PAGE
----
Melbourne developer Ben Sturmfels (below) is soliciting signatures for the petition which, he says, will be personally delivered to Senator Kim Carr, the minister for innovation, Industry, science and research in the current Labor government.
The petition has been launched at a time when the federal government is reviewing the scope of patent law and Sturmfels says it is the right time to push for abolition of software patents. It also comes at the start of a federal election campaign, with Australia going to the polls on August 21.
Last week, New Zealand announced that it would not be making any changes to its Patents Bill which is moving through parliament. Wellington has decided that inventions which have embedded software can be patented, a stance which was welcomed by the New Zealand Computer Society.
In the petition Sturmfels says he has highlighted the negative effects that software patents have on the software industry and society in general.
"The patent system is meant to benefit society, but allowing software to be patentable has created an expensive and dangerous imbalance. I encourage all members of the software industry to sign this letter," he said in a media release.
Sturmfels says that as a student he attended a talk given by the visionary Richard M. Stallman, founder of the Free Software Foundation and the GNU Project, on the threat of software patents. He now has an additional reason to be wary of software patents as they would be a direct threat to his business and to the businesses of his customers.
"A patent is an essentially an artificial arrangement between an inventor and society to provide the inventor a short-term monopoly (20 years) over an idea in return for disclosing the details of the idea," Sturmfels said.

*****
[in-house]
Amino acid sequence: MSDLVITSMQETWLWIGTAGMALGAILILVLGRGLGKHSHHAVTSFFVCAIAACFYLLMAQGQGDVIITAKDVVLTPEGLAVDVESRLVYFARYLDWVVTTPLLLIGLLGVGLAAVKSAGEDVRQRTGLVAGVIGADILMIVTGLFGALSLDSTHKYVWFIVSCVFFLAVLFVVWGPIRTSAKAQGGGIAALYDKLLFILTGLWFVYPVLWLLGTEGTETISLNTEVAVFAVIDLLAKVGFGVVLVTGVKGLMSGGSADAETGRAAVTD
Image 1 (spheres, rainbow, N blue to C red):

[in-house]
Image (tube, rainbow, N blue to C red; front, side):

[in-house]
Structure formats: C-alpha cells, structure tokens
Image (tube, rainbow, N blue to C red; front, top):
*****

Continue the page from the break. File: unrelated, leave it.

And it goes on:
"This system is designed primarily to benefit society and, contrary to popular belief, not to increase the wealth or power of patent applicant. It's a trade-off, and so it must be carefully weighed-up to ensure society isn't disadvantaged."
He said software, like mathematics, had been traditionally non-patentable. "In the early 90s, Australia began allowing patents. Today, the threat of patent litigation is a constant source of anxiety for the software industry. This anxiety cripples innovation and growth by funnelling research and development budgets into legal fees. As a business owner, software patents scare me."
Sturmfels said the normal approach to writing software was to break down a problem and solve it by combining numerous existing techniques.
"The innovative step is not so much what techniques you use, but what you build with them. Patents work against this approach by marking some techniques off-limits. There's a catch though, it's nearly impossible to tell what's off limits until you receive a letter of demand from a patent holder. Both those who write and those who use software are at risk."
He found New Zealand's move very encouraging. "I hope Australian software developers will support this letter and help us follow New Zealand's lead."